It is important to note that though both breeds may experience barrier frustration and can be reactive, particularly when leashed or held back, this is a trait that can be diminished or managed through early and consistent training. Both breeds may be combative with other dogs and the Shikoku has a mouthier and "ruder" play style. A Shikoku likes to push their playmate's buttons with barking, hip-checking, and tail-pulling all in the name of good fun. Kishu Ken are also very physical players to dogs they are friendly with, but handicap themselves well and are more likely to take turns playing different roles during play. So, for those who do not want to pick between the breeds, there is good news: Shikoku-Kishu households generally report the breeds are suitable companions for one another. The Kishu attitude of being accepting and humoring to familiar dogs meshes well with the Shikoku habit of button-pushing and instigating to get their friends to play.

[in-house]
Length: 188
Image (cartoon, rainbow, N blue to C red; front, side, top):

The Ideal Owner
The ideal owner for Shikoku and Kishu are similar - perhaps even the same. Both breeds need an owner who understands that these dogs are energetic and long-lived, staying fit and active into their teens. They require daily stimulation through mental or physical exercise. An owner who can accept that these dogs are not "dog park dogs" and provide a structured, healthy environment in which they can grow into the best dog they can be is a must. Lastly, these dogs need an owner who is not too proud to reach out for help in the community if things do not go as expected, for any reason. The Kishu and Shikoku breed communities are open and helpful places who want to see others succeed and dogs thrive in their households.
These breeds can make troublesome pets without the proper amount of care and work, but are ideal adventure dogs who can be active all day in the field hiking, sporting, or hunting, but have an admirable "off switch" for the home, where they might curl up on a bed or next to you on the couch and not bother you until your next adventure.